I don’t normally write about the deaths of important people here at Film Grimoire (with one other exception). But Carrie Fisher, who passed away today at the age of 60, was an exceptional woman.
As a young girl growing up in the early 90s, at the time it felt like I had heaps of great female role models in pop culture to admire. But I was a big Star Wars fan, and of course, I gravitated towards Princess Leia, who felt like the only female in the Star Wars universe at that time.
In her fictional life as Princess (later General) Leia Organa in the Star Wars universe, she stood as a symbol of female power and resistance against fascism. Princess Leia always knew what she was fighting for, and never strayed from that mission. As a young girl, this is the woman I looked up to.
But as a proper grown-up woman today, I look up to Carrie Fisher. In her life outside of the screen, Carrie Fisher wasn’t just an acting legend – she was a prolific writer, script doctor, advocate, and a loud, honest voice to shed light upon issues that people would rather ignore because they were just a bit uncomfortable. Carrie Fisher delivered the message that no matter what you were struggling with, it was important to know yourself – instead of pretending to please others, or to fit in and seem ‘normal’. She was open and honest about her history with drug addiction, mental illness, and struggles with body image. She normalised these experiences in the public eye, and served as a passionate advocate for herself and for others. The world has lost a really important person today.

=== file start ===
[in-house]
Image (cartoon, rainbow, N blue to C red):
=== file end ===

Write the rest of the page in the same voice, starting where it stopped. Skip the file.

She drowned in moonlight, strangled by her own bra. What a way to go. Vale, Carrie Fisher.